How to Parallel Park: a Step-by-Step Guide

Parallel parking is one of the trickiest driving manoeuvres to pick up, but it's one that you'll probably have to master if you want to pass your test. If you're learning how to parallel park for the first time, or you're trying to refresh your knowledge, checking out this simple step-by-step guide is a great place to start.

Parallel parking

What is parallel parking?

Strictly speaking, parallel parking refers to any time that you park your car at the side of a road, parallel to traffic. But the particular type of parallel parking that most people struggle with is reversing to park between two parked cars, where there’s only a small gap to fit into. When you take your practical test, this is the parallel parking situation that you will be tested on.

Besides this, there are only two other possible parking situations that your instructor has to choose from for your test. This means, there’s a good chance that you will have to parallel park if you want to pass your test and get your licence. The other two parking situations that you could be tested on are the following: reversing in or out of a parking bay, or reversing alongside the kerb for two car lengths on the right-hand side of the road.

1. The approach

Before you begin parallel parking, you should approach the space carefully. Make sure that you always:

  • Slow down. Reduce your speed gradually as you get closer to the gap that you are intending to park in
  • Indicate. Let other drivers know where you’re going
  • Stay aware. Keep an eye out for traffic and any potential hazards around you

Even the best drivers will struggle to park in a gap that’s too small, so you should always assess the space before you try to park in it. Ideally, the parking space should be at least one-and-a-half car lengths. If this isn’t possible, there should still be at least two feet of clearance at either end of your car.

2. How to parallel park

1. Position your car

Before you begin reversing, you should be level with the car in front of the space you’re parking in. Leave a gap of around three feet between your car and this one.

2. Check your mirrors and blindspot

Take a look in your rearview and side mirrors, and also make sure that you check your blindspot. During your driving test, it might be a good idea to turn your head a little more than you would otherwise, to make it clear to your instructor that this is what you’re doing.

3. Start reversing

Put your car into reverse gear and begin to slowly back up towards the gap, while gradually turning your steering wheel to the left.

4. Straighten up the steering wheel

As your car starts to enter the parking space, straighten up the steering wheel. With this, you should enter the space at roughly a 45-degree angle. Continue to check your rear and side mirrors, as well as keeping an eye on the front of the car through the windscreen, to make sure that you’re a safe distance away from both cars.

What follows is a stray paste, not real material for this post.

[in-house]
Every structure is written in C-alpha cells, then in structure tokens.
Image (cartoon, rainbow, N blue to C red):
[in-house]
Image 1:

5. Steer to the right

After the front of your car has completely cleared the back bumper of the car in front of the gap, you can start turning the steering wheel to the right. This will swing the front of the car towards the kerb.

6. Check and adjust your position

As you continue to reverse, keep checking your rearview mirrors to see how much distance there is between you and the car behind. You can steer to the left or right as appropriate, in order to straighten up the vehicle until it’s parallel with the road. Once you’re straight, you may also need to move forwards until both the front and rear gaps between the cars are equal.

3. What happens if I make a mistake?

Reverse parallel parking into a small space is a relatively complex manoeuvre, and there are plenty of things that can go wrong. If you’re asked to do it as part of your driving test, you’re unlikely to fail if it doesn’t go according to plan. As long as the instructor can see that you know how parallel parking should be done and that you’re in control of the car the whole time, they won’t judge you too harshly if need to readjust or you’re not perfectly straight. The problems that could see you fail this part of the test are:

  • Mounting the kerb
  • Showing a major lack of control

As well as being essential to passing your driving test, parallel parking will hugely increase the number of potential parking spots available to you as you’re driving around town. Once you’ve absorbed all the information and instructions in this guide, give it a try on the roads, or just practise with a few cones. Before you know it, you’ll be parallel parking like a pro.

Can’t wait to get out on the open road? Take a look at the best cars for new drivers.

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